It starts out so hopefully. As you begin the project, you and your team are all on the same page. Or so it seems. Then you start actually building, and you realize that you all had something different in mind. Has it happened to you?
How many of your projects start off like this: You and your team get together at the start of your project thinking you are all on the same page?
And when you start building something, you realize you were thinking something completely different.
This happens all the time on projects: assuming there is consensus when none exists.
While good teams can roll with these punches and adapt as they go, it’s a form of waste that can hurt or kill the unwary before they even get out of the gate.
To nip this problem in the bud, at ThoughtWorks we created a lightweight project chartering tool called “The Agile Inception Deck: 10 questions and exercises you’d be crazy not to ask before starting your project.”
These questions serve two goals: alignment and expectation setting.
Alignment is about making sure you and everyone else are on the same page with regard to why we are here, what we’re trying to do, and how are we going to get there. Basic stuff.
Expectation setting, on the other hand is about you communicating clearly with your team and stakeholders what it is going to take to make this project a success. You are defining the rules of engagement.
“Yes we can build that for you. No it shouldn’t be too difficult. Here is what it is going to take....”
You need to have that conversation early and make sure your customers know what you’ll need to best serve them. Don’t assume. Be explicit and ask.
How do you know what your customers really need? A good place to start is to ask them:
1. Why Are We Here?
You can’t build a great product if you don’t know why you are building it in the first place. Asking why gives you and the team the context you need to make all those smart decisions while executing.
For example, say you were hired by a construction company to create an online road-closure system for mapping which roads were closed by date on a given construction site.
An obvious question that would help you and the team build the solution is asking “why?” Why is the company spending shareholder capital on this project in the first place?
Is it about safety? Is it a regulatory requirement? Or is it to act as a traffic broker for the efficient movement of material and goods on the construction site?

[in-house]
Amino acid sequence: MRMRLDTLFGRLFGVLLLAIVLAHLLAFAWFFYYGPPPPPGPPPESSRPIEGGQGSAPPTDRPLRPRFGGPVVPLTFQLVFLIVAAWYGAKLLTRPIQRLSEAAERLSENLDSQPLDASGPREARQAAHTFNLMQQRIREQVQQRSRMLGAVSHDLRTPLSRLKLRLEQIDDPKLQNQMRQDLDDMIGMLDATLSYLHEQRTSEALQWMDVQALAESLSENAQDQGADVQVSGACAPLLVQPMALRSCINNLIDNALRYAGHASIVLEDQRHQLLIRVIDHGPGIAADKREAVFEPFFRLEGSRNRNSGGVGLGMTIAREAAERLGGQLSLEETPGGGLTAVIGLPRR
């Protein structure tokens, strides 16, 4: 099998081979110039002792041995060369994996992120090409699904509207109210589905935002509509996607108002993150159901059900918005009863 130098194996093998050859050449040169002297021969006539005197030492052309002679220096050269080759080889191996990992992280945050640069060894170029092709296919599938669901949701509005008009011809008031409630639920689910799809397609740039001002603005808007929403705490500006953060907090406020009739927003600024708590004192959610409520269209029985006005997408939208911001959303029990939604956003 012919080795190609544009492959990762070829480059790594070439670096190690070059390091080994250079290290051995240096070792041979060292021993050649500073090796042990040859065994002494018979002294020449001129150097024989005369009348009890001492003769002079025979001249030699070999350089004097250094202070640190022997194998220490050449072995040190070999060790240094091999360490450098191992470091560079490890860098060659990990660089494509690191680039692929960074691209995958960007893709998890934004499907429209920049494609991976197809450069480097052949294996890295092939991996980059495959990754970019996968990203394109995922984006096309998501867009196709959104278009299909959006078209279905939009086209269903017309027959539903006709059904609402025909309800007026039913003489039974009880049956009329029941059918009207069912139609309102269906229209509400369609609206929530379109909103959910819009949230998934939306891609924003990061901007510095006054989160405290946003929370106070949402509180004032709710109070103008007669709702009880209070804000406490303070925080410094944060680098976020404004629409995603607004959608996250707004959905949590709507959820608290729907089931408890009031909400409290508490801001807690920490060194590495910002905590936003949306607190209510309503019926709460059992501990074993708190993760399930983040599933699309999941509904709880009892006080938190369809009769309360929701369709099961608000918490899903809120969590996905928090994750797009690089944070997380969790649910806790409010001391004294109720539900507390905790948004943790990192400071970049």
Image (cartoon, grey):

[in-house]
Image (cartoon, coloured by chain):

Knowing and understanding the number-one driver behind your project is going to give you the insight to make those balanced trade-offs that inevitably come up during delivery. You can’t do that if you don’t know why.
2. Create an Elevator Pitch
Projects can be a lot of things to a lot of people. This exercise is about making sure they are not.
A good elevator pitch tells people what your product is, who it’s for, and why it’s special in about the time it takes to take a ride in an elevator.
Creating a good one can be harder than you think. But once you get it, it feels great. You can quickly distill a big abstract concept (which is how most projects start) into something tight, real, and concrete.
3. Design a Product Box
Thinking hard about your product from your customer’s point of view is always cool. Not only does building a product box get you in the head of your customer, it’s a great team-building exercise, as you are formally given permission to draw and color at work.
You don’t have to come up with anything elaborate or complex. Just ask yourself:
What are the top three reasons people are going to buy this product?
And if there was one slogan that captured the spirit of this thing, what would it be?
4. Create a NOT List
Saying yes is easy. It’s saying no that is hard. The NOT list starts to put some stakes in the ground and to set expectations around what you are not going to be doing as part of this project.
Saying what you are not going to do is powerful. It eliminates a lot of up-front waste by letting the team focus on the stuff that is clearly IN while ignoring everything that is OUT. It is from the IN column that all of your high-level user stories will flow.
Also, it’s not uncommon to have a lot of things that could be in scope but for whatever reason (usually time and money) aren’t. Better to resolve these now than to leave them till later.
This is really a “big rock” scoping exercise. All you are saying here is: “If we move these big rocks as part of this project we are going to be OK.”
5. Meet Your Neighbors
I once almost lost a project because I didn’t appreciate that your project community is always bigger than you think. It’s easy to think it’s all about you and your core team. But the reality is that most projects require more than just the day-to-day people on the project to be a success (especially in big companies).